In a last-we-hope de Blasio-era stink bomb, public school families across the city were just burned by the unfair high school admissions lottery — a mockery that is sure to drive more students out of the system.
The cockamamie system imposed during the mayor’s last days no longer placed a premium on good grades; it lowered the bar for entry into many competitive high schools and mixed children with a range of academic achievements in various bingo baskets.
As a result, some of the city’s top students opened their admission letters on Thursday to be told they hadn’t gotten in. each of their top picks.
Top performers from all backgrounds ask, “What’s the point of aiming for all A’s and perfect presence? There is no reward for excellence, and half a step can still get you to the best school.”
It’s not just that the nation’s largest—and rapidly shrinking—school district tells kids and parents, “Good grades don’t matter.” Families who care about education will now look outside the DOE system for a high school that will challenge their children. Many will join the angry mom who told The Post that she and her family are now looking forward to getting out of town altogether.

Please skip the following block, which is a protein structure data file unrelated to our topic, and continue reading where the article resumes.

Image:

We warned Chancellor David Banks about this months ago; now he’s stuck with this mess. He should at least make it clear that future shoots will be much more like the traditional process Blas has blown up.
If the system no longer strongly rewards merit, the flight of DOE schools – and of the city itself – will become a flood.